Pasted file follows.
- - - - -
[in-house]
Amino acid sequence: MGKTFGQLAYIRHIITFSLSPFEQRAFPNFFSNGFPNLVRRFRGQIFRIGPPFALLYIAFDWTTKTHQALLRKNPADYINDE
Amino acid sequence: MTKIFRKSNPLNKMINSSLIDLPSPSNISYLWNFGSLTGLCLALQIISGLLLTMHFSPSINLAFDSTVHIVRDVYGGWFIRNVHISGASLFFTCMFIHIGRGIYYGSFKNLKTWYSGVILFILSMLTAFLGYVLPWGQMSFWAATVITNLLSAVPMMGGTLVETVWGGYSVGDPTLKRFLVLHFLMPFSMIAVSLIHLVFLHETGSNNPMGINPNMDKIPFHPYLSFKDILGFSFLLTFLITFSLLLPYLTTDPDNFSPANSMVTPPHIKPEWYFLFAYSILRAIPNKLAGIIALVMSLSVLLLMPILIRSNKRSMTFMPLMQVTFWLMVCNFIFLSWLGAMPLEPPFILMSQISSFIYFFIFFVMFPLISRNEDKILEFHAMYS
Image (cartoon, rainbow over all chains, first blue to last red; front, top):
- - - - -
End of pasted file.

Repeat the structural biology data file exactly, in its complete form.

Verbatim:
[in-house]
Amino acid sequence: MGKTFGQLAYIRHIITFSLSPFEQRAFPNFFSNGFPNLVRRFRGQIFRIGPPFALLYIAFDWTTKTHQALLRKNPADYINDE
Amino acid sequence: MTKIFRKSNPLNKMINSSLIDLPSPSNISYLWNFGSLTGLCLALQIISGLLLTMHFSPSINLAFDSTVHIVRDVYGGWFIRNVHISGASLFFTCMFIHIGRGIYYGSFKNLKTWYSGVILFILSMLTAFLGYVLPWGQMSFWAATVITNLLSAVPMMGGTLVETVWGGYSVGDPTLKRFLVLHFLMPFSMIAVSLIHLVFLHETGSNNPMGINPNMDKIPFHPYLSFKDILGFSFLLTFLITFSLLLPYLTTDPDNFSPANSMVTPPHIKPEWYFLFAYSILRAIPNKLAGIIALVMSLSVLLLMPILIRSNKRSMTFMPLMQVTFWLMVCNFIFLSWLGAMPLEPPFILMSQISSFIYFFIFFVMFPLISRNEDKILEFHAMYS
Image (cartoon, rainbow over all chains, first blue to last red; front, top):